Film review: A Separation

by David Larsen / 21 April, 2012
A Separation should have been a contender for Best Picture at the Oscars, says David Larsen.


When Nader and Hodjat meet for the first time, there is a pane of bulletproof glass between them. Well, there would be. Nader works in a bank. Hodjat has come in to apply for a job as caregiver to Nader’s elderly father, who has Alzheimer’s, and needs constant supervision; Nader’s wife, Simin, who used to care for the old man during the day, has just left him.

The full Farsi title of Iranian director Asghar Farhadi’s A Separation, which only won this year’s Academy Award for Best Foreign Language Film, though in a world where the Oscars meant anything it would have been one of the two serious contenders to win Best Picture outright, is Jodaeiye Nader az Simin: “The Separation of Nader from Simin”. The English title Nader and Simin, A Separation has been used at some European film festivals, but in most countries, whatever the local language, the film is trading under the more ambiguous twoword title. It’s a much better title. Let’s get back to that pane of glass.

There is no reason to pay any particular attention to the glass when Nader and Hodjat meet. We’ve seen hints that the two men come from different classes and stand on opposite sides of Iran’s Grand Canyon-scale secular-religious divide, but hints only, and there is no suggestion yet that a life-and-death legal struggle is about to engulf their two families. At the same time, they’re leaning in and projecting their voices past the barrier, as one does when conducting business across the counter in a busy bank; it’s impossible not to note that their conversation is happening in a context specifically designed to address the possibility of violence by keeping people apart. One of the several ways in which Farhadi stands head and shoulders above most film-makers is that A Separation could be described as a formal study in physical metaphors for social and emotional estrangement, and yet there is never the least sense that effortful image construction is distorting a scene. If I were asked to provide evidence that “symbolically charged naturalism” is not a contradiction in terms, this film would be my Exhibit A.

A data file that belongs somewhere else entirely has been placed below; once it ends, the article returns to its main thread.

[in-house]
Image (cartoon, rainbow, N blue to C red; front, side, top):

Probably Farhadi’s greatest strength, at least in terms of doing justice to a story of warring perspectives – and certainly the most obvious reason the film is at once so gripping and so poignant – is his ability to balance rich character creation with dispassionate, even-handed narration. By the midpoint, two married couples are entangled in three interlocking legal actions, on matters ranging from child custody to causing a miscarriage by pushing a pregnant woman down a flight of stairs. (Under Iranian law, culpable homicide.) These four people have two young daughters between them. Every one of the six is allowed the dignity of a coherent point of view, and none of the minor characters ranged around them is merely a cipher.